Welterweight Peter McDonagh, boxing’s latest Cinderella Man, will appear on July 9 at the Manchester Arena – as the part of the blockbuster Tyson Fury vs. Wladimir Klitschko show – and is hopeful of securing a shot at the European title in the coming months.
McDonagh, now 38, has been a professional since 2002 and has fought a who’s who of the lightweight, super-lightweight and welterweight divisions. He has had his ups and his downs and is a three-time Irish champion. He currently rides a nine-fight win-streak and admits he’s feeling better than ever.
“When I turned pro at 24, people said, ’How long do you think you can do it?’” he begins. “I said, ’Look, I could be finished after one fight, or I could have 80. You never know.’ You just listen to your body and see how you feel.
“Three years ago, in 2013, I lost my sister to breast cancer and came really close to retiring from boxing. But I went over to the MGM gym in Marbella and told my manager, Daniel Kinahan, I was going to retire. He said, “Don’t retire, give it one more shot and see how you go.” I was on a losing streak and everything. But, as soon as I hooked up with the MGM and my manager, it all changed. I went from strength to strength. I’m unbeaten in nine now. I’ve won three titles since I’ve been with them and I’ve still got the desire to go on and win bigger titles.”
McDonagh continues: “I’m in the top fifteen of the European rankings, so there’s a good chance I’ll get a shot at the European title. That’s the plan. That’s what we’re hoping for. Now I’m on the right side of the card it makes a massive difference. I’m no longer taking fights at short-notice against kids much bigger than me. Don’t get me wrong, I’m beating good kids with that sort of notice, or, if I lose, I’m losing very close fights, but it’s a different story if you give me a full camp.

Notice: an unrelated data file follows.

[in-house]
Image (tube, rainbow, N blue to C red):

“I’m a promoted and managed fighter now. How far can I go? Let’s see. I’ve beaten champions. I beat the kid who beat Luke Campbell (Yvan Mendy) but didn’t get the decision. I beat Michele Di Rocco and never got the decision. I beat Lee Purdy. I beat Michael Gomez. I beat Dean Byrne. I know what level I’m at – I just need the opportunity. Physically, I feel the best I’ve ever felt; age is just a number.”
Fitness and ambition aside, few fighters in Britain are able to boast McDonagh’s wealth of experience. Indeed, his appearance on July 9 won’t even mark the first time he has featured on a world heavyweight title bill.
“I was on the David Haye versus John Ruiz bill at the Manchester Arena,” he says. “I was on just before the main event. But obviously it’s a lot different this time around. This is the heavyweight championship of the world, not just one of the belts. This is much, much bigger. And it’s Tyson Fury and Wladimir Klitschko. That also makes it special. Klitschko is a legend of the sport and one of the real icons. I don’t think a promoter has brought someone of that stature to England for many years. It’s exciting.”
As for the result of the night’s main event, McDonagh can see only one winner.
“I see it being a totally different fight to the first one,” he says. “I think Wladimir will come and bring it to Tyson and then he’ll walk on to a big shot in about seven or eight rounds. All Tyson has to do is keep his composure, take his time and he’ll knock him out.”
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June 3, 2016